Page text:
Walter E. Williams

 In the early stages of Rapanos' case, U.S. District Judge Lawrence Zatkoff -- noting that a drug dealer had been before him that day -- said rebelliously, "Here we have a person ... who commits crimes of selling dope, and the government asks me to put him in prison for 10 months. And then we have an American citizen, who buys land, pays for it with his own money, and he moves sand from one end to the other, and the government wants me to give him 63 months in prison. Now if that isn't our system gone crazy, I don't know what is. And I am not going to do it."

 Rapanos' sentencing has been delayed because the constitutionality of federal criminal sentencing guidelines, in another case, will be heard by the U.S. Supreme Court in October.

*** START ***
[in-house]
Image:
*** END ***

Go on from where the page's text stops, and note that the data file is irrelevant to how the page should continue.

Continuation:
President John Adams (1797-1801) said, "The moment the idea is admitted into society, that property is not as sacred as the laws of God, and that there is not a force of law and public justice to protect it, anarchy and tyranny commence."

 Unfortunately, our courts have increasingly become tools for powerful vested interests, and the constitutional protections of private property mean less and less each day. The good news is that we have energetic minds at organizations such as the Institute for Justice ( and the Pacific Legal Foundation ( who are fighting against the emasculation of our Fifth Amendment rights and other constitutional guarantees.

 But they cannot do it alone; we must help them. Remember Benjamin Franklin's admonition: "Make yourself sheep and the wolves will eat you."

Walter E. Williams

Dr. Williams serves on the faculty of George Mason University as John M. Olin Distinguished Professor of Economics and is the author of 'Race and Economics: How Much Can Be Blamed on Discrimination?' and 'Up from the Projects: An Autobiography.'
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